BOSTON – Jaylen Brown heard the slander.
The Celtics star took heat – and rightfully so – after going just 4-for-13 from the field with seven turnovers Sunday in Game 1 of the East semifinals against Milwaukee.
Two days later, he responded in a massive way, going off for 25 points on 9-for-10 shooting and a perfect 5-for-5 from downtown.
Oh, and that was just in the first half.
Brown’s offensive explosion over the first 24 minutes helped Boston build a 25-point advantage, and while they didn’t look as crisp down the stretch, it was enough to hold off a Bucks’ rally and knot the series at one game apiece with a 109-86 victory at TD Garden.
“We knew he didn’t have his best game (in Game 1),” Celtics head coach Ime Udoka said of Brown, who finished with 30 points, 5 rebounds and 6 assists. “(But) he’s a guy that’s always going to bounce back and play well. He’s traditionally done that when he’s had a bad game, so we expected that from Jaylen tonight. “
Everything Brown failed to do on Sunday, he executed perfectly Tuesday evening.
Did the criticism from the media and fans following his series opening struggles light his fire? Perhaps. But I’m willing to bet that he was more disappointed in himself than anything else.
And that bothersome hamstring? Non-factor.
Brown came out of the gates swinging like prime Mike Tyson. From mid-range pull-ups and step backs to long range bombs with a hand in his face, Brown was simply unstoppable.
His aggressiveness and efficiency early on not only put the Bucks on their heels, but opened things up for his teammates. After going an abysmal 18-for-50 from distance as a team in Game 1, the Celtics hit 13 trifectas in the first half alone. They finished the contest 20-for-42 from deep and 38-for-80 overall (48 percent), playing with more balance and refusing to force things offensively.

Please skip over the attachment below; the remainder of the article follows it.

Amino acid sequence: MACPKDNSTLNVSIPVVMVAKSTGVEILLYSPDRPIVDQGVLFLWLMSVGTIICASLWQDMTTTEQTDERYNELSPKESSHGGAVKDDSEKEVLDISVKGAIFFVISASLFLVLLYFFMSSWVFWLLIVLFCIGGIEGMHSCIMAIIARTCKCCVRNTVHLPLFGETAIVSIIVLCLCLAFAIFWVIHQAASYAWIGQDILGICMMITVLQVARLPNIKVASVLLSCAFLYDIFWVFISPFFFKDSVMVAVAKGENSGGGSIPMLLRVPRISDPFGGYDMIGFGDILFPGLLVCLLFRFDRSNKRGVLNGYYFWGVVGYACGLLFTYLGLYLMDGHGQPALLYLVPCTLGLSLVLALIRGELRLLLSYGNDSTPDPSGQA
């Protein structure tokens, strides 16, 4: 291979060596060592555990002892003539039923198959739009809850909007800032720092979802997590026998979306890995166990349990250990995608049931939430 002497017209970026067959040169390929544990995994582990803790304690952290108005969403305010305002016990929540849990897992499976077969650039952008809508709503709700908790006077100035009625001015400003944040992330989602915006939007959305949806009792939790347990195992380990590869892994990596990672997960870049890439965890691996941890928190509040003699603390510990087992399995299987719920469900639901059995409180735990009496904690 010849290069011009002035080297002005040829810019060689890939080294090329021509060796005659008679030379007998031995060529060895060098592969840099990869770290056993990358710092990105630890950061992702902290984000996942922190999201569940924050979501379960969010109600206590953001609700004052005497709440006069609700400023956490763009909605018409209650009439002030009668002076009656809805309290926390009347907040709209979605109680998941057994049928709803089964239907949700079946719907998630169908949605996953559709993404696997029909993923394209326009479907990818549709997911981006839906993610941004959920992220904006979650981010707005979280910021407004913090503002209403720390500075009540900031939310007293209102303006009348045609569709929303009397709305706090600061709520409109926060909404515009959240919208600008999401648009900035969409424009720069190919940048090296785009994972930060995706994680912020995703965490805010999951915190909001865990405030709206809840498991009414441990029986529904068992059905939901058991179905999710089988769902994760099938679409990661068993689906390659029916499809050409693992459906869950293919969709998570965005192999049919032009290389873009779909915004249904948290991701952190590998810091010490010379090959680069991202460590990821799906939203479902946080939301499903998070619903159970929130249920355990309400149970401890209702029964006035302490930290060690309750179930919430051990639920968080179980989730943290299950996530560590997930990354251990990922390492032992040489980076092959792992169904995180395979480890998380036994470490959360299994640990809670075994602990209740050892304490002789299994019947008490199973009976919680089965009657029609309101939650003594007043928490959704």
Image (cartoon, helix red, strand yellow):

At times during the first half, the C’s ball movement rivaled that of a Tony Parker-Tim Duncan led Spurs squad. On multiple occasions they passed up a good shot for a better one, making the Bucks’ defense work even harder on every possession.
“It’s just what we saw we could’ve done better in Game 1,” added Udoka. “I loved our aggressiveness, touching the paint, attacking and kicking it out trying to get good shots.”
The second half was a different story, as Boston reverted back to some of their old ways in the halfcourt sets. They played more of a hero ball, isolation brand of basketball, undoubtedly a product of comfortability after building such a big lead.
But they made the right plays in crunch time to put Milwaukee to bed. Jayson Tatum (29 points, 8 rebounds, 3 steals) hit a big corner three with about four minutes left to make it a 15-point game just as the Bucks were inching closer, and Brown used a pretty spin move to score inside on Giannis Antentokounmpo less than a minute later.
The eventual dagger came with 1:58 to play when Grant Williams drilled his sixth triple of the evening to officially seal the deal.
Which brings me to my next point. How big was Williams? and how big has he been all season in what has been somewhat of a coming out party for the 23-year-old?
It starts on the defensive end for the 6-foot-6, 236-pounder, who isn’t going to be the biggest or tallest guy on the floor. But he’s arguably the strongest, move his feet well and plays physical without fouling. His one-on-one defense on Antentokounmpo can’t be understated, as he helped hold the two-time MVP to 11-for-27 shooting and six turnovers.
On the other end, Williams was spectacular as well – an added bonus for a team searching for shooting after a sluggish Game 1. He scored 21 points, a personal career-high for both regular season and playoff games, and hit a number of timely shots to help halt the Bucks’ surges.
With Marcus Smart out with a quad injury, Williams and Payton Pritchard were the only players to see minutes off Udoka’s bench. The 7-man rotation was surprising, but worked wonders in a game Boston desperately needed to win.
Now the Green will head back to Milwaukee with three full days off before Game 3 Saturday afternoon. If the team that dominated the first half of play on Tuesday night shows up, I like their chances. But they’ll need to string together a full 48 minutes in what can be a loud and hostile environment, especially against a very good team that will certainly be looking to bounce back in a big way on their home court.
Nick Giannino can be reached at NGiannino@Salemnews.com. Follow him on Twitter @NickGiannino_SN.